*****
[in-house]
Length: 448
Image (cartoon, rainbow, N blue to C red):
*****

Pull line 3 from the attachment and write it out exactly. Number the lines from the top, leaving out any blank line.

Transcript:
Image (cartoon, rainbow, N blue to C red):